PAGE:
2. Pedal bike and shift turning grip on the shifter to underdrive and inspect the ratio-indicator on hub-interface (figure 36). The underdrive cable will now have tension. The overdrive housing (the forward most housing) should have a slight amount of play between end cap and barrel adjuster (figure 37). Use barrel adjuster to adjust, but do not over-tension the overdrive cable as this will prevent shifting through the full range of ratios.

Figure 36. Underdrive mode


Figure 37. Check play at overdrive cable


Removing Rear Wheel

When the rear wheel is removed from the bike, it is necessary to remove the cables from the hub-interface. If the wheel is being removed for tire or tube service, or wheel truing, there is no need to remove the hub-interface or shift adapter washer.

If the intended service requires removing the hub-interface, begin by inspecting the interface at the rear dropout. If the hub-interface is correctly aligned, make note of the position of the non-turn washer as it points to the hub-interface markings.

Procedure to remove cables from the hub-interface:

  1. Shift bike to overdrive, with the Shift Indicator Rider in the flat terrain position.
  2. Release Overdrive Cable Latch and pull back until fitting is able to exit hub-interface ratio-selector (figure 38).

Figure 38. Release cable latch first


Figure 39. Pull cable latch out of ratio-selector

  1. Pull on the housing for the overdrive cable to remove housing from the hub-interface (figure 39).
  2. Rotate shifter part way toward Underdrive mode, with Shift Indicator Rider on hill.
  3. Pull back on Underdrive housing and remove housing from its seat in hub-interface (figure 40).

Figure 40. Remove housing from hub-interface


Figure 41. Release cable fitting from ratio-selector

  1. F. Pull Underdrive cable to get slack and release underdrive cable fitting from ratio-selector (figure 41).
  2. G. Both cables should now be free of hub-interface. Loosen axle nuts and remove wheel. NOTE: Wheel will have some weight. Be prepared to support wheel as it exits bike. A good alternative is to rotate bike and work with bike upside down and frame dropouts facing upwards (figure 42).

Figure 42. Removing the rear wheel


Rear Cog and Freehub Service

The rear hub uses a “freehub” system to hold the single speed cog. The single sprocket is a 9 splined Shimano-compatible BMX style that uses 3/32″ chain (derailleur chain). NuVinci™ provides a freehub rebuild kit including new snap rings and needle bearings.

  1. Begin by removing the hub-interface. Lift the shift adapter using a small tipped screwdriver (figure 43).

Figure 43. Remove shift adapter


Figure 44. Lift and remove hub-interface

  1. Lift the hub-interface using a wider flat bladed screwdriver under the unit, gently prying it upward (figure 44).
  2. The sprocket is held by a snap ring. Use a small screwdriver to lift off the snap ring and remove the cog (figure 45).

Figure 45. Remove snap ring from rear cog


Figure 46. Remove snap ring

  1. The freehub body is held by a small snap ring. Use a seal pick or small tipped screwdriver to remove (figure 46).
  2. The freehub body lifts off to expose the hub star ratchet and a needle bearing. A snap ring holds the needle bearing in place and may be removed with a pick (figure 47).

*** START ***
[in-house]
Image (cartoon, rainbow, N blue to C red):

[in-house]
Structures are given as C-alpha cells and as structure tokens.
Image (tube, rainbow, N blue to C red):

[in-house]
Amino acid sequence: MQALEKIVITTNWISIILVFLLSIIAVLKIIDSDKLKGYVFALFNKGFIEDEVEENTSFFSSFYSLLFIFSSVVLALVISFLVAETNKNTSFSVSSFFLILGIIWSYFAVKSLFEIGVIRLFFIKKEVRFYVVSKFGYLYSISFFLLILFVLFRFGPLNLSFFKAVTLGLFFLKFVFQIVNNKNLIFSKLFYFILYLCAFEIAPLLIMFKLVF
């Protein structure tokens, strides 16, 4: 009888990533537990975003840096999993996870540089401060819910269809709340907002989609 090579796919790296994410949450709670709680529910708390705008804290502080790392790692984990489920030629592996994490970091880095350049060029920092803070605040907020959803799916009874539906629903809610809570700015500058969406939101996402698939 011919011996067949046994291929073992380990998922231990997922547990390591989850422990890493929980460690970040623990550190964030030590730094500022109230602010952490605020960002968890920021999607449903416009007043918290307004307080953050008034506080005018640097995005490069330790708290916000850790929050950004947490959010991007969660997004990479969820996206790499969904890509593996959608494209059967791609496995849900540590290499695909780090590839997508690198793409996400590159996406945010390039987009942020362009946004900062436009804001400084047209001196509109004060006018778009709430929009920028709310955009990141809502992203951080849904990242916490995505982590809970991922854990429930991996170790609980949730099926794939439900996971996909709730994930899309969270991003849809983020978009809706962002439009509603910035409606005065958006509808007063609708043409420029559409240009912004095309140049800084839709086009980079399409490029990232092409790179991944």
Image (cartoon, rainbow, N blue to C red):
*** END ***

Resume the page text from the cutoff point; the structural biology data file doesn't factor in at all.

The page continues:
Figure 47. Remove snap ring


Figure 48. Parts of the freehub system

  1. The parts may now be cleaned and re-greased (figure 48). There is a cartridge bearing inside the hub. Do not attempt to remove this bearing. Any further service work should be performed by Fallbrook Technologies.

    The seal may be lifted and grease applied to the bearings. However do not attempt to flush the axle bearings with any solvent. Solvent will work its way into the hub shell and cause problems with the hub internals.
  2. Reverse the procedure to reassemble the freehub. Install the rear cog snap ring (figure 49).

Figure 49. Use a small tipped screwdriver to install the sprocket clip


N360 Hub Braking System Interface

There are three possible hub adaptations for rear brakes in the NuVinci™ system. The hub will accept a six-bolt rotor mount, a roller brake mount, or a simple cap for rim brakes. To change the hub configuration, begin by removing the left side locknut. Hold axle in an axle vise and turn nut counter-clockwise (figure 50). There is a spacer washer under the locknut.


Figure 50. Remove locknut and spacer


Figure 51. Remove plastic cap

If the wheel is intended for use with a rim brake, there is a simple plastic cover. Pop this cover up using only your hands (figure 51).


Figure 52. Do not proceed with service past this point

There is no cone below this locknut. The axle rides on cartridge bearings. There is no service beyond this point. If there is a problem with the hub or with the axle, it must be returned to the manufacturer for service (figure 52).

The left side is fitted with threads in the hub shell for a lockring. This ring will hold the rotor mount and the roller brake mount secure to the hub shell. Fallbrook Technology supplies a proprietary pin tool to remove and secure this ring (figure 53 and 54).


Figure 53. Rotor disc mount with lockring ring


Figure 54. Pin tool socket available from NuVinci™

Another braking option is the roller brake fitting. It will mate to the hub shell splines and is held in place with the same lockring as the rotor mount fitting (figure 55).


Figure 55